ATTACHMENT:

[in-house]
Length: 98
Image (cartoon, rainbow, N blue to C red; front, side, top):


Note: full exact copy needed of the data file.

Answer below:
[in-house]
Length: 98
Image (cartoon, rainbow, N blue to C red; front, side, top):